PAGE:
Reforming VCAT: Addressing Delays in Building Dispute Resolutions

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Reforming VCAT: Addressing Delays in Building Dispute Resolutions

Did you know that the median time to resolve a building dispute in Victoria now stands at an alarming three years? This is one of the many challenges currently facing the Victorian Civil and Administrative Tribunal (VCAT), Victoria’s principal forum for resolving domestic construction disputes.

The complexity of domestic building disputes has grown significantly due to factors such as the rise of skyrise domestic apartments, cladding litigation, multi-party disputes, and the increasing need for expert evidence. These factors mean domestic building disputes in Victoria mirror those typically adjudicated in the NSW Supreme Court. Coupled with a surge in cases, this has led to long waiting periods, discouraging lawyers from advising clients to seek redress through VCAT.

Recent decisions, such as Thurin v Krongold Constructions, have also cast a shadow of uncertainty over VCAT’s jurisdiction. This has resulted in many domestic building cases being transferred to the courts, introducing higher costs and complexity. The repercussions are severe for homeowners, who consequently face increased financial barriers in seeking redress for defective homes. We are concerned this situation could potentially lead to a decrease in construction quality without the realistic threat of being sued builders may feel less accountable for their work.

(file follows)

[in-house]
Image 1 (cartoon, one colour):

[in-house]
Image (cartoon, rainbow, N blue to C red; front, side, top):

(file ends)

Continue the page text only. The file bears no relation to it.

Furthermore, there is a significant budgetary discrepancy between VCAT and other courts. Last year, VCAT received $70.5 million in government funding, allowing for an average budget of only $1,169.16 per matter. In contrast, the Supreme Court, with a budget of $100.3m, handled cases with an average budget of $18,379.22 per matter. While the Supreme Court is tasked with resolving the most complex issues in the state, the 18:1 budget discrepancy seems unsupportable, particularly when domestic building claims often reach into millions of dollars.

Warlows Legal has been working with the Building and Construction Committee of the Law Institute of Victoria workshop potential solutions. We propose appointing a team of emergency seasonal members to expedite lower complexity domestic building matters. To fund this, a special levy could be applied to development applications across the state. This approach could restore faith in VCAT as a swift dispute resolution forum and curb the prevalence of building defects.

We urge Victorians to join us in calling for increased funding and support for the building and construction list in VCAT. If you need assistance navigating the complexities of VCAT, or if we can assist in any way, please contact the team at Warlows Legal.

By Harriet Warlow-Shill and Samuel J Woff

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